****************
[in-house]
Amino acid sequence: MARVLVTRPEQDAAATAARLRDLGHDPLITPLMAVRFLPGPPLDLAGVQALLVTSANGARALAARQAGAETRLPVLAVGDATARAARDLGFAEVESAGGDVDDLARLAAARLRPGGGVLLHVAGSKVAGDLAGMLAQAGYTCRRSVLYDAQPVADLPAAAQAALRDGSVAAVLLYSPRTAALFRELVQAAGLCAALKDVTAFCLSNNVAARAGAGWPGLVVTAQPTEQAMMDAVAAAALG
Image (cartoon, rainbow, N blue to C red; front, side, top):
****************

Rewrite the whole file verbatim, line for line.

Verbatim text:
[in-house]
Amino acid sequence: MARVLVTRPEQDAAATAARLRDLGHDPLITPLMAVRFLPGPPLDLAGVQALLVTSANGARALAARQAGAETRLPVLAVGDATARAARDLGFAEVESAGGDVDDLARLAAARLRPGGGVLLHVAGSKVAGDLAGMLAQAGYTCRRSVLYDAQPVADLPAAAQAALRDGSVAAVLLYSPRTAALFRELVQAAGLCAALKDVTAFCLSNNVAARAGAGWPGLVVTAQPTEQAMMDAVAAAALG
Image (cartoon, rainbow, N blue to C red; front, side, top):